Takahiro Omori takes lead on Day 2 of the Bassmaster Classic
Category: press release
Feb 22nd, 2015 by OutdoorsFIRST
Modified Feb 22nd, 2015 at 12:00 AM
The final day of the 2015 GEICO Bassmaster Classic presented by GoPro on Lake Hartwell is shaping up to be a free-for-all with a handful of former Classic champions sitting atop the standings with the coveted trophy and $300,000 first-place prize well within their grasp.
Takahiro Omori, an Elite Series pro from Japan who now makes his home in Emory, Texas, caught five fish that weighed 16 pounds, 11 ounces Saturday and claimed the lead going into Sunday’s final round with a two-day total of 31-11.
The 2004 Classic winner holds a razor-thin lead over Elite Series pro Dean Rojas of Lake Havasu City, Ariz. (31-9); 2003 Classic winner Michael Iaconelli of Pittsgrove, N.J. (31-0); 2014 Classic winner Randy Howell of Springville, Ala. (30-11); and Casey Ashley of Donalds, S.C. (29-14).
Omori got off to a slow start Saturday. But with years of experience and one Classic title already under his belt, he didn’t panic and managed enough weight to jump from seventh into first.
“Yesterday, we were like two hours late starting – and when I got to my first spot, I caught five fish just like that,” Omori said. “We started at normal time today. So when I get to my spot, it was too dark. I was thinking there were no fish left out here.
“So I just hung around and stuck with it, and I caught most of my fish by noon. I ended up catching about 10 keepers today.”
Though he wouldn’t say much about how he’s catching his fish, Omori said every bass he’s brought to the scales this week has come from one 200-yard stretch of water. He added that he’s familiarized himself with every inch of the area, and he plans to give it a major workout Sunday.
Omori said he wants to avoid getting too excited about a chance to win a second Classic. But at the same time, he admitted it’s not just another day of fishing.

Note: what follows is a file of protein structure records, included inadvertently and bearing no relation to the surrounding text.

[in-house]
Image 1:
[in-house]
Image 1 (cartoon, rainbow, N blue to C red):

“I just want to do my things right,” he said. “I don’t want to jerk a hook set too hard and break my line or get too excited and miss something because I was being too crazy. I just want to enjoy the moment and have another great day.”
Omori can’t afford many mistakes with an angler like Rojas trailing him by just 2 ounces heading into the final round. Rojas, the Day 1 leader with 21-2 Friday, managed just 10-7 Saturday, but remained squarely in contention for his first Classic title.
“I’m having the time of my life, and I feel like I’m doing everything right,” Rojas said. “I’ve caught every single fish that has bit this week. So I’m just going to go out and do the same things tomorrow that I’ve done the first two days. If it happens, it happens. That’s the way I always approach it.”
Rojas’ Friday catch was anchored by a 5-11 largemouth that took GoPro Big Bass honors for the day. His Saturday catch was missing that kicker.
“I didn’t get the big bite today that I was hoping for,” Rojas said. “But I’ve got another day to go out and try to find it again.”
Iaconelli dealt with a frustrating moment Friday when a fish he estimated at more than 3 pounds struck short on a jerkbait, preventing him from weighing in a five-bass limit. But he said the moment encouraged him just enough to make him go back to his shallow pattern Saturday – and that’s where the foundation came for the Saturday limit of 16-9 that lifted him into the Top 3.
“The first hour of each day – which was mostly shot on Friday because of the late start – I’m fishing what I call the ‘weapon bite,'” Iaconelli said. “I’m fishing the backs of drains and pockets where the bluebacks are coming back out. They’ve been back there all night. They come back out, and the bass ambush them.
“The problem is finding the pocket with the bait because it only happens if you see the bait and the birds. So I run three or four pockets real quick. I buzz in there five or 10 minutes. If I don’t see anything, I go to the next pocket.”
Iaconelli said he finally identified the right area Saturday morning when he saw a loon flying out of a pocket.
“I caught two in there on a jerkbait, a deep Shadow Rap,” Iaconelli said. “One was a 2-pounder and one was a 4-pounder. That was a great way to start. Because when I go out deep, my biggest issue is I’m getting very few bites.
“I’m literally hitting 50 or 60 places a day, and I know I’m going to get maybe 10 bites. So if you can get out there and already have two, three or four in your livewell, that’s big.”
Rain is likely for Sunday’s final round, and Iaconelli said that could actually help his early morning pattern. Instead of moving deep at 9 a.m., he said he might be able to extend the pattern as late as 10:30.